Clean Energy Act limits BC Hydro power options, dam critics told
Critics warn the Site-C hydroelectric dam would flood an 83-km stretch of the Peace River Valley.
FORT ST. JOHN, BC – BC’s groundbreaking Clean Energy Act has limited the options available to the province’s Crown utility corporation for expanding the power grid, the chairman of an environmental review panel pointed out as critics demanded answers about the utility’s plans to build a third hydroelectric dam on the Peace River.
One after another, opponents of the Site C proposal have questioned the corporation’s choice to pursue the dam in northeastern BC.
But Harry Swain, chairman of the three-member panel of the Canadian Environmental Assessment Agency conducting the joint federal and provincial review, said BC Hydro’s options may not be as plentiful as believed.
“I understand the point that was made by an earlier intervener to the effect that you may have a lot of choices,” Swain said on Day One of the hearings in Fort St. John. “But it seems to me that your choices have been substantially narrowed by public policy in the province, by the Clean Energy Act and so on.”
The first two days of hearings are exploring the need for the $7.9-billion dam and the alternatives explored by BC Hydro.
The panel has heard interveners from First Nations and environmental groups suggest geothermal or natural-gas generated power are cheaper and more reasonable options than the dam that will flood an 83-kilometre stretch of the Peace River valley from Fort St. John to Hudson’s Hope. It would also flood 10 kilometres at the mouth of the Moberly River and 14 kilometres of the Halfway River. Both feed into the Peace River.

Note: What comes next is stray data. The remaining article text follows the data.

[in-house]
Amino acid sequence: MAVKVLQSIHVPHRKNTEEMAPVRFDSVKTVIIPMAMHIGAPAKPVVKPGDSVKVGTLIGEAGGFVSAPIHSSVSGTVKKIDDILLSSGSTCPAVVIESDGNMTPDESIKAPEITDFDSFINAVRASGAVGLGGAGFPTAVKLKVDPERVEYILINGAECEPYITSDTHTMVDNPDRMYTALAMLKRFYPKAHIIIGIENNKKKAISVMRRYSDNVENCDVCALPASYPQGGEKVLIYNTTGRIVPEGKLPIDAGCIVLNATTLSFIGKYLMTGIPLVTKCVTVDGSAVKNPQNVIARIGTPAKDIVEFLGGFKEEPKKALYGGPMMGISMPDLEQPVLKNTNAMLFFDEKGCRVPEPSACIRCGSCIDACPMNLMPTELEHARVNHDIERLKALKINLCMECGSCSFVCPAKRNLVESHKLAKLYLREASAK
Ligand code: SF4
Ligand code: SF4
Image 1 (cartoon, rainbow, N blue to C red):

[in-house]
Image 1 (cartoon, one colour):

The Crown utility estimated that 30 homes would be under water.
The dam would provide enough power for the equivalent of 450,000 homes and is the centrepiece of BC Hydro’s plans for meeting electricity needs over the next 20 years, during which the Crown utility anticipates a 40% increase in demand.
Susan Yurkovich, BC Hydro’s senior vice-president, said that like any large infrastructure project, there would be effects from the dam that could not be mitigated, but the corporation believes the benefits outweigh those effects.
“The decision to advance the project to this stage has not been made lightly,” Yurkovich told the panel on Day One. “It has resulted from careful consideration of the future electricity needs of our customers, following many years of review and analysis.”
The power generated by Site C would be “clean, renewable” electricity, she said, but the David Suzuki Foundation cast doubt on that claim.
The environmental group said in a news release that the project impact should not be weighed in isolation in a region already facing the impact of intense logging, mining, and oil and gas development on a scale “unprecedented in Canada.”
Satellite images show 67% of the Peace region of BC has been disturbed by human land use.
“We are concerned that Site C, if built, will further degrade this sensitive area of productive farmland and wildlife habitat,” the group said.
The foundation, which supports hydroelectricity as a source of renewable energy, urged the province to abandon plans for Site C, and expand recovery efforts for threatened and endangered species in the region instead.
In a report, the group suggested a tribal park for the area where the dam would be built, and asked the provincial government to ensure that industrial development in the Peace region be weighed for their cumulative impact with other existing activities.
©The Canadian Press